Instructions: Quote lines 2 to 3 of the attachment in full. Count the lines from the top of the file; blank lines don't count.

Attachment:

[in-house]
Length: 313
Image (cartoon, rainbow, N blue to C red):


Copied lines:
Length: 313
Image (cartoon, rainbow, N blue to C red):